My name is Eric Nodwell. My life thus far has been a continuous carousel of rented apartments, third hand cars all with bad transmissions, and unusual eccentric girlfriends. My mortal adventure upon the planet has been both unpredictable and arbitrary, but never boring. By virtue of birth, I’ve bought the ticket, but like a bad movie, it’s not yet so terrible I want to walk out.
Read alsoUncle and Claudius the Camel
Uncle does not often go on holiday as very few hotels provide beds big enough for elephants. At Sunset Beach he hopes for a real rest and change, but almost at once fifty camels, led by the courteous Claudius, arrive with news of trouble at his great castle of Homeward. From this moment his attempts to have a holiday are interrupted by one…
For twenty six years I was married to a woman who in addition to me, loved cigarettes with equal or even greater fervor. Her addiction proved to be a flawed health maintenance strategy. She died not long ago, leaving me a reluctant widower with an adolescent son afflicted by Asperger’s to raise alone.
This book is my largely autobiographical account of a middle aged man trying to reconnect with women again. Unaccustomed to loneliness, he does so with the intent of finding lasting companionship and maybe even love. It’s rife with blind date disasters; internet enabled dating debacles, crazy neighbors, and friendship. I discuss how I managed debilitating grief, deep introspection and self-doubt, to eventually rise to find resolution, and remarkably, hope. Included are a host of tangential but amusing escapades and situations in which I found myself ensnared, too numerous to enumerate here.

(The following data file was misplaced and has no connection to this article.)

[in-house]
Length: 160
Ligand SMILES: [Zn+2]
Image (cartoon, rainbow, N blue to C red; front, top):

I detail my sons struggle with Asperger’s, and how I overcame my shortcomings as a single father, and advocated for him in his schooling. I relate how I was able to identify and isolate love, really for the first time, and my shock when discovering I’d been mistaking it my entire life. I suspect others might find themselves in a similar situation.
Life filtered through the prism of death has changed me. I now question the validity everything I believed true. I’m certain I’m not alone in this. This process, although painful, has made me a better man.
I’ve learned to reap pleasures in simple things, like vinyl record collecting, chili, and the fellowship of friends. My wife’s ending for me became a grudging beginning.
This is a largely humorous account written in the first person as a window into my dysfunction, for other people who for whatever reason; find themselves suddenly single and unaccustomedly vulnerable, that at this very moment might be groping their way blindly along an unfamiliar landscape, wondering where they went wrong.